To graduate out from LDC to a developing country by 2021 and maintain a sustainable growth, Bangladesh can leverage its tourism potential. Tourism can create jobs for skilled persons as well as for low-skilled workers in remote areas. Bangladesh needs to create congenial infrastructures for the hassle-free journey of tourists. Trained up manpower is needed for providing international-standard services to tourists and earn more revenue. Tourism development should have integrated approach in all strata of project processing, formulation and implementation. The policy guidelines have to be set in such a manner that economic benefit and environmental protection are maintained as well as proper benefit cascades down to local people. We should be always supportive that poor people can establish and run tourism enterprises (small and medium-sized enterprises) or community-based enterprises. We need to identify the bottlenecks and challenges for implementing the rules and regulations against the benefit leakages form local tourist attractions as well as profit-mongers who deprive decent jobs. Also the organisational capacity building is required i.e. efficient manpower to handle the government projects properly and generate revenue from tourism. Close cooperation and constant consultations between the public and private sector is required so that the government organisations can become supportive and able to create more tourism facilities across the country. We must focus quality tourism services (QTS) and hence we need an accreditation body. Without accredited quality tourism services, it may be very tough to draw niche tourists and attract foreign investment, which is essential for the tourism sector and sustainable LDC graduation.Creation of public awareness and demonstration of the country’s tourism attractions to the global tourists is sine-quo-non. It should be a regular activity. In this regard, tourism fairs, festivals, road shows, seminars and workshops at all the tourist sites may be organised. Bangladesh needs to fulfil the needs of domestic and foreign tourists by offering quality transportations, accommodations and food & beverage services. By fulfilling these needs, we can pump in foreign currency to the local economy.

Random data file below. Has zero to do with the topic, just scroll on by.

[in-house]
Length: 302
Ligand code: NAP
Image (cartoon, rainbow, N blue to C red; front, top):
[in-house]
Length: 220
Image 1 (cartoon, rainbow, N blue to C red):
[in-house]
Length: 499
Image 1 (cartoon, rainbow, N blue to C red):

Among other important issues, foreign direct investment is a prominent one. When Bangladesh will graduate out from LDC, it will need to create more and more international-standard facilities and ensure modern services. Also, it will need to create competent manpower at par the developed countries to have a positive image about its tourism industry. Then, foreign investors will feel encouraged to invest in the tourism sector of Bangladesh.
Also, the creation of publicity materials, like posters, brochures, flyers portraying the country’s unique tourism attractions as well as how tourism helps people to be self-reliant, is very crucial. And training local people, who are the guardians of local cultures and heritages, is a must to create an alternative livelihood. A research cell can be formed including all the relevant stakeholders like BBS, BPC, BIDS, CPD and FBCCI that can help the government with proper data analysis and exact trend of the tourism industry. It is indeed not a tough task to bring Bangladesh tourism industry on the board of the government efforts for sustainable LDC graduation to a developing country.
The writer is a tourism development activist